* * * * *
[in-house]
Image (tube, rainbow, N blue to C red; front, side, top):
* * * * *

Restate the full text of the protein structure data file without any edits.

[in-house]
Image (tube, rainbow, N blue to C red; front, side, top):